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Foster v. Metal Essence, Inc.

United States District Court, M.D. Florida, Orlando Division

May 17, 2019

MELODY FOSTER, Plaintiff,
v.
METAL ESSENCE, INC., Defendant.

          REPORT AND RECOMMENDATION

          DANIEL C. IRICK UNITED STATES MAGISTRATE JUDGE.

         This cause comes before the Court for consideration without oral argument on the following motion:

         MOTION: SECOND AMENDED JOINT MOTION FOR APPROVAL OF SETTLEMENT (Doc. 39)

         FILED: February 20, 2019

         THEREON it is RECOMMENDED that the motion be GRANTED.

         I. Background

         Plaintiff filed this action pursuant to the Fair Labor Standards Act (FLSA) for unpaid overtime compensation. Doc. 1. The parties settled the case after Defendant filed its Answer and Plaintiff filed her answers to the Court's FLSA Interrogatories. Docs. 16; 21. The parties subsequently filed an Amended Joint Motion for Approval of Settlement, to which the settlement agreement was attached. Docs. 36; 36-1 (the Agreement). By Order dated April 11, 2019, the undersigned denied the motion without prejudice and directed the parties to file a renewed motion for settlement approval consistent with the Order. Doc. 38. The motion was denied because the parties referenced a separate “Confidentiality Agreement” that included a general release of “non-FLSA potential claims, ” but the Court was unaware of the exact nature of the agreement and the consideration paid to Plaintiff in return for the release. Id. Pending before the Court is the parties' Second Amended Joint Motion for Approval of Settlement Agreement (the Motion). Doc. 39. Instead of reattaching the Agreement, the parties refer the Court to the document previously filed at Doc. 36-1 (the Agreement). Doc. 39 at 2.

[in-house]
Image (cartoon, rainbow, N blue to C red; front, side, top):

II. Discussion

         The parties seek review to determine whether the Agreement is a “fair and reasonable resolution of a bona fide dispute over Plaintiff's claim. In Lynn's Food Stores, Inc. v. U.S. Dep't of Labor, 679 F.2d 1350, 1352-53 (11th Cir. 1982), the Eleventh Circuit addressed the means by which an FLSA settlement may become final and enforceable:

         There are only two ways in which back wage claims arising under the FLSA can be settled or compromised by employees. First, under section 216(c), the Secretary of Labor is authorized to supervise payment to employees of unpaid wages owed to them. . . . The only other route for compromise of FLSA claims is provided in the context of suits brought directly by employees against their employer and under section 216(b) to recover back wages for FLSA violations. When employees bring a private action or back wages under the FLSA, and present to the district court a proposed settlement, the district court may enter a stipulated judgment after scrutinizing the settlement for fairness.

         Since the parties have submitted a motion, the Court must scrutinize the attached Agreement to determine if it is a fair and reasonable resolution of a bona fide dispute. See id. at 1354-55. In determining whether the Agreement is fair and reasonable, the Court should consider the following factors:

(1) The existence of collusion behind the settlement;
(2) The complexity, expense, and likely duration of the litigation;
(3) The state of the proceedings and the amount of discovery ...

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